Red Flag Grouper



The Red Flag Grouper is known by various names, such as The Flagtail Grouper, Darkfin Hind, Coral-cod Banded-tail, as well as the V-tail Grouper. It has a red-colored body that can be flecked with white. Two white lines on its caudal fin (tail) appear to create a "V". A 180-gallon or bigger aquarium is necessary because of its size and the way it eats. It's a very aggressive fish and can devour its tankmates and crustaceans. Groupers eat meaty food like shrimp, krill, and other small fish. Approximate size of purchase 2" up to 4 1/2"  
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Info about Red Flag Grouper The Red Flag Grouper (Cephalopholis urodeta) is often referred to in the name of Flagtail Grouper or V-tail Grouper. It is red in color with white markings, and 2 white lines on the tail fins which make up a "V." Groupers require large tanks that are 150 gallons or more, and plenty of live rock to conceal. Groupers are extremely aggressive fish, and they can eat their tankmates and crustaceans.   Diet of the Red Flag Grouper The groupers like meaty food like shrimp, krill, and various smaller fish.  
Large, Medium, Small
6 lbs


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Is hiring a professional necessary to set up a saltwater aquarium?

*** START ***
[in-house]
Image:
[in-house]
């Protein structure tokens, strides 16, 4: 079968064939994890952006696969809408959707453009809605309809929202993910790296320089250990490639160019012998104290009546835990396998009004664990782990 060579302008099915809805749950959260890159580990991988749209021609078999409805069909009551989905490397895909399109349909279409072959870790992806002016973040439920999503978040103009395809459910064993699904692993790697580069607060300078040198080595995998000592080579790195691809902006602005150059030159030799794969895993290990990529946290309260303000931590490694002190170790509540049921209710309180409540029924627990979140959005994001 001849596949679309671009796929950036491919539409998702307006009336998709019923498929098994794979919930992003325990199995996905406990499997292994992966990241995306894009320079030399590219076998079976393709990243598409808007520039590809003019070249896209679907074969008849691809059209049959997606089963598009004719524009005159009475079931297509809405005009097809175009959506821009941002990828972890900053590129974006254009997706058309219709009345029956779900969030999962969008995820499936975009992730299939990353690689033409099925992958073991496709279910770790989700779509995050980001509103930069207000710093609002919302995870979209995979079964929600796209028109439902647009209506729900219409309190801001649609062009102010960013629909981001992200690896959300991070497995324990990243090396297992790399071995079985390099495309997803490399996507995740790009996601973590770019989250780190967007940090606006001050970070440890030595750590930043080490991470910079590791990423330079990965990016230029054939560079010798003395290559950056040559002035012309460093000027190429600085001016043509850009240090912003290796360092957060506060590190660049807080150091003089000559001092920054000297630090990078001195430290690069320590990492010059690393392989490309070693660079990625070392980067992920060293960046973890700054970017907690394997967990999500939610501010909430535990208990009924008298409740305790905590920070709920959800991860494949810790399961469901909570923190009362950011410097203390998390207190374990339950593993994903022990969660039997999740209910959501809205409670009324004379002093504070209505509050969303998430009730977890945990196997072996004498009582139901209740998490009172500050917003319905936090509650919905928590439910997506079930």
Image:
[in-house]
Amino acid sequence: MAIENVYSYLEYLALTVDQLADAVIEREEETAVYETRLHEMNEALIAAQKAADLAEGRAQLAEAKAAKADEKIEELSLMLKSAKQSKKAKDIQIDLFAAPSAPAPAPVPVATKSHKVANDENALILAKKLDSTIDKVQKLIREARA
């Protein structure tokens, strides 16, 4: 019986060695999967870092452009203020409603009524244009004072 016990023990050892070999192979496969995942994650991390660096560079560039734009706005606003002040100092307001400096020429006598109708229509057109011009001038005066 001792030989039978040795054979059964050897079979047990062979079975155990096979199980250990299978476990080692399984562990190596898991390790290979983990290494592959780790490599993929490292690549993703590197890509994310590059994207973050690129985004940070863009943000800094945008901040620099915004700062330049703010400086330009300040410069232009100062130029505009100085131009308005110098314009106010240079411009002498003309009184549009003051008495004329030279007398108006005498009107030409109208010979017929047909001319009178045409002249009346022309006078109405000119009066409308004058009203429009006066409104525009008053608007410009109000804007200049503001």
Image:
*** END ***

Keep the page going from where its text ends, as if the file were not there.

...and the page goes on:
As a general rule, a larger custom aquarium might require installation by a professional. However, a kit from our online fish store is relatively affordable and beginner friendly. That means you should have no problem setting it up yourself.

Which saltwater aquarium fish should you choose when starting out?

Consider a yellow tang fish. This popular saltwater aquarium fish does a great job of coexisting with other types of fish you’ll find in our online fish store.

How does a saltwater aquarium differ from a freshwater one?

Saltwater aquariums require a bit more maintenance and monitoring than freshwater tanks. Different fish require different levels of salinity, pH tolerances, and temperature requirements. They also require specialized pumps, filters, and other equipment that can handle salt. We can guide you through everything you need to know to set up a healthy, thriving reef tank.

Do fish in a saltwater aquarium swim in a school?

That depends on the species. However, if it’s a fish that swims in a school in the wild, they’ll do the same in an aquarium. Some fish that swim in schools include the green and blue chromis, cardinalfish, and dartfish, for example. When ordering from an online fish store, make sure you do your research on how specific fish species behave to ensure they’ll school (or at least coexist) with your current fish.

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Yes! Many aquarists dream of owning thriving saltwater aquariums. You have a tiny piece of the ocean in your home, featuring magical and exotic fish that can only survive in saltwater.